Integrated Crop Management News
 

Document Type

Article

Publication Date

3-6-2015

Abstract

The loss of organic matter and its nutrient value by erosion has significant effect on both the long-term sustainability of the soil nutrient pool and soil productivity. Nutrient availability in the soil to plants is inherently linked to the soil organic matter pool that is replenished through plant-animal-soil-atmosphere interactions, creating different pools of organic matter. These different carbon pools play a significant role in providing nutrients to plants through the decomposition process by the soil microbial community over time (Fig. 1). Thus, loss in soil productivity cannot be decoupled from the loss of organic matter. The removal of soil organic matter through erosion and its associated economic cost far exceeds the estimated cost of the primary nutrient components of the soil: nitrogen, phosphorous, and potassium. Soil organic matter lost to soil erosion contains not only these three primary nutrients, but also other macro and micro nutrients that need to be factored into the calculation of determining the cost of organic matter loss as a nutrient source. Therefore, any attempt to determine the value of nutrient loss, has to take into consideration the long-term impact on soil productivity.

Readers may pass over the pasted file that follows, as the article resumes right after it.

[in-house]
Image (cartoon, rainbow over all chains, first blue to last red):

Copyright Owner

Iowa State University

Language

en

File Format

application/pdf

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